Timmermans put forward a proposal late Thursday that paved the way for a compromise deal that ultimately earned the acceptance of almost 200 countries, including the United States, which had until recently refused to countenance any discussion of financing for climate damage.

The unity of the G-77 also meant there was little organized resistance to efforts to revise the final deal as it related to cutting down emissions or curtailing fossil fuel use.

A moral dilemma

In the final hours of the talks, the Egyptian presidency presented the loss and damage fund proposal to the room, and with no objections, Egypt’s foreign minister Sameh Shoukry quickly brought down the gavel.

It was accepted, and exhausted negotiators savored a victory that many thought could never happen after decades of intractability from the E.U. and the United States.

Meanwhile, a final draft of the cover decision that dealt with a section on cutting emissions was dropped on delegates in the plenary hall. The Swiss delegation asked for a half-hour to review the document, but it took less time than that to see that developed countries had been outflanked. Their main bargaining chip — walking away from the loss and damage fund if they didn’t get more action on emissions cuts — had already been agreed to.

They sat back down and swallowed the whole thing. Senior U.S. delegates walked from the room almost immediately afterward, not waiting to hear the traditional closing speeches of their peers.

Timmermans reflected on the moral quandary his bloc of 27 countries had faced in trying to pursue their goals against a developing world united on loss and damage.

“This deal is not enough on mitigation. But do we walk away and thereby kill a fund the vulnerable countries … have fought so hard for for decades? No, that would have been a huge mistake and a huge missed opportunity to tackle climate change,” he said in a statement delivered to the plenary.

“We had to give up some of the things we wanted to help other parties and this process to move forward,” Timmermans continued. “But I urge you to acknowledge when you walk out of this room, that we have all fallen short in actions to avoid and minimize loss and damage.”

Island nations, so often the moral voice at the talks, lauded the loss and damage outcome but expressed disappointment on the lack of progress to reduce emissions, highlighting the need to fight for more ambition and cooperation.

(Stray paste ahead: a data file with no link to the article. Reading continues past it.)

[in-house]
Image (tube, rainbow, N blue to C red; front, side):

“The current text is not enough,” said Kathy Jetnil-Kijiner, climate envoy for the Marshall Islands. “But we’ve shown with the loss and damage fund that we can do the impossible. So we know we can come back next year and get rid of fossil fuels once and for all.”

That leaders here may finally be able to understand the human cost of climate change owes much to the strength of the G-77 — and the conviction that countries were not leaving empty-handed, said observers.

“It shows that on this one common thread where you really have a focus, like on loss and damage, you’re able to deliver,” said Alden Meyer, a senior associate at E3G.

But with climate change advancing, there are only so many such bargains they have available to them.

And future issues are likely to be more divisive, including whether China and other high-income countries such as Singapore and oil-rich Saudi Arabia contribute to the loss and damage fund. Those talks will begin ahead of the climate summit next year in the United Arab Emirates and as countries determine their targets for a new climate finance goal starting in 2025.

A hard-won victory achieved. The hard part still to come.

“We have shown those who have felt neglected that we hear you, we see you, and we are giving you the respect and care you deserve,” said Joseph, the minister from Antigua and Barbuda. “Now we must solidify our ties across territories. We must work even harder to hold firm to the 1.5 [degrees Celsius] warming limit, to operationalize the loss and damage fund, and continue to create a world that is safe, fair, and equitable for all.”